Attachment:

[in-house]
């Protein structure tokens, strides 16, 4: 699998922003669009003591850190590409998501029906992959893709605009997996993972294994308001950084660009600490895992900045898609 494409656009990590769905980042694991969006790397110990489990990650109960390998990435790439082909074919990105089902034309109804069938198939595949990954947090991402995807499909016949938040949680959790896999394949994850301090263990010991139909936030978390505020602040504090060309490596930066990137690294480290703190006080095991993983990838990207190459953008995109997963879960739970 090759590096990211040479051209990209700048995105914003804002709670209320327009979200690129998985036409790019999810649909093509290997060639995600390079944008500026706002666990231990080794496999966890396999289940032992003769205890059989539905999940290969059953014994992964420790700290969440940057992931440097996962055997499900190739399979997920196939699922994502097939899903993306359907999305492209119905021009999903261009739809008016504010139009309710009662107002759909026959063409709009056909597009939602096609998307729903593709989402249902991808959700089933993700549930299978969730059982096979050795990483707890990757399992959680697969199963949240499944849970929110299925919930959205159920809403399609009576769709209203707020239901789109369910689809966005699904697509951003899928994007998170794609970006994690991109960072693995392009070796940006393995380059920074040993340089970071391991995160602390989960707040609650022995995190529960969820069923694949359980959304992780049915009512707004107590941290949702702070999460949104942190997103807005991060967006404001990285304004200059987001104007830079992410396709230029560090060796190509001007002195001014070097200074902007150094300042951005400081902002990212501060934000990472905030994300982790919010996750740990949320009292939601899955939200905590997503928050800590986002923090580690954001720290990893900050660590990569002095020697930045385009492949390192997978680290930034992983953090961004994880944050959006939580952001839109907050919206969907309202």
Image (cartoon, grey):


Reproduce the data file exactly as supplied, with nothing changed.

[in-house]
């Protein structure tokens, strides 16, 4: 699998922003669009003591850190590409998501029906992959893709605009997996993972294994308001950084660009600490895992900045898609 494409656009990590769905980042694991969006790397110990489990990650109960390998990435790439082909074919990105089902034309109804069938198939595949990954947090991402995807499909016949938040949680959790896999394949994850301090263990010991139909936030978390505020602040504090060309490596930066990137690294480290703190006080095991993983990838990207190459953008995109997963879960739970 090759590096990211040479051209990209700048995105914003804002709670209320327009979200690129998985036409790019999810649909093509290997060639995600390079944008500026706002666990231990080794496999966890396999289940032992003769205890059989539905999940290969059953014994992964420790700290969440940057992931440097996962055997499900190739399979997920196939699922994502097939899903993306359907999305492209119905021009999903261009739809008016504010139009309710009662107002759909026959063409709009056909597009939602096609998307729903593709989402249902991808959700089933993700549930299978969730059982096979050795990483707890990757399992959680697969199963949240499944849970929110299925919930959205159920809403399609009576769709209203707020239901789109369910689809966005699904697509951003899928994007998170794609970006994690991109960072693995392009070796940006393995380059920074040993340089970071391991995160602390989960707040609650022995995190529960969820069923694949359980959304992780049915009512707004107590941290949702702070999460949104942190997103807005991060967006404001990285304004200059987001104007830079992410396709230029560090060796190509001007002195001014070097200074902007150094300042951005400081902002990212501060934000990472905030994300982790919010996750740990949320009292939601899955939200905590997503928050800590986002923090580690954001720290990893900050660590990569002095020697930045385009492949390192997978680290930034992983953090961004994880944050959006939580952001839109907050919206969907309202």
Image (cartoon, grey):